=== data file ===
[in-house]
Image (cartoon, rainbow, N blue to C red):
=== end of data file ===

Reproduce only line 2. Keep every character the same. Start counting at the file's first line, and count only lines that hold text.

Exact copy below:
Image (cartoon, rainbow, N blue to C red):